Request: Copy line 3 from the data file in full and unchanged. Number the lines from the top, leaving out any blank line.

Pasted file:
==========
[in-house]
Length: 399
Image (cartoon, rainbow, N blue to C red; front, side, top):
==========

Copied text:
Image (cartoon, rainbow, N blue to C red; front, side, top):